Saturday, April 9, 2011

SICP 2.35: Counting the Leaves of a Tree

From SICP section 2.2.3 Sequences as Conventional Interfaces

Exercise 2.35 asks us to redefine the count-leaves procedure from section 2.2.2 as an accumulation. Our procedure should take the following form:
(define (count-leaves t)
(accumulate <??> <??> (map <??> <??>)))

When I encounter a problem like this (implement X in terms of Y), I find that it helps to take a look at both procedures side-by-side to see what they have in common. The count-leaves procedure just returns 1 when it encounters each leaf node, and recursively combines all those 1s with addition otherwise.
; count-leaves from sicp section 2.2.2
(define (count-leaves x)
(cond ((null? x) 0)
((not (pair? x)) 1)
(else (+ (count-leaves (car x))
(count-leaves (cdr x))))))

The accumulate procedure takes an operator, and initial value, and a sequence as its parameters. It then combines all elements of the sequence with the initial value using the operator.
; accumulate from sicp section 2.2.3
(define (accumulate op initial sequence)
(if (null? sequence)
(op (car sequence)
(accumulate op initial (cdr sequence)))))

The operator and initial value in the case of count-leaves are pretty easy to guess. They should be + and 0 respectively. For its third argument accumulate is expecting a sequence, and our template is using map. Recall that map takes a function and a list and returns a new list. The new list is simply the result of the function being applied to each element of the old list. What we'd really like to accumulate is a sequence of 1s, one for each leaf in the tree. To implement that we need the help of one more procedure from SICP section 2.2.3.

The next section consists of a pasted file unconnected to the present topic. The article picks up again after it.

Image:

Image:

; enumerate-tree from sicp 2.2.3
(define (enumerate-tree tree)
(cond ((null? tree) null)
((not (pair? tree)) (list tree))
(else (append (enumerate-tree (car tree))
(enumerate-tree (cdr tree))))))

The enumerate-tree procedure "flattens out" a tree into a sequence of its leaves. Once we have the tree in the form of a sequence, we just need to define a function for the first argument of map. This function should simply return a 1 for any input. Here's the complete (but very short) solution.
(define (count-leaves t)
(accumulate + 0 (map (lambda (x) 1)
(enumerate-tree t))))

Test it out with trees of different shapes, just to be sure there are no corner cases missed.
&gt; (count-leaves (list))
&gt; (count-leaves (list 1 2 3))
&gt; (count-leaves (list 1 (list 1 2 3)))
&gt; (count-leaves (list (list 1 2) (list 1 2 3) 1))


For links to all of the SICP lecture notes and exercises that I've done so far, see The SICP Challenge.


Unknown said...

I came up with another solution without map:

(define (count_leaves tree)
(accumulate (lambda (x y)
(if (list? x)
(+ (count_leaves x) y)
(+ 1 y)))

Mike said...

Another solution:

(define (count-leaves t)
(accumulate + 0 (map (lambda (x)
(if (pair? x)
(count-leaves x)

Anonymous said...

I don't understand this:
(define (count-leaves t)
(accumulate + 0 (map (lambda (x) 1)
(enumerate-tree t) )))

(define (map proc items)
(if (null? items)
(cons (proc (car items))
(map proc (cdr items)))))

Which translate to:
(define (map 1 items)
(if (null? items)
(cons (1(car items))
(map 1(cdr items)))))

How does that work?1 is not a procedure